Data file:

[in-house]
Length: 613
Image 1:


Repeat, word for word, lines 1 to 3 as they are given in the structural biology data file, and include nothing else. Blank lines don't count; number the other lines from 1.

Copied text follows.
[in-house]
Length: 613
Image 1: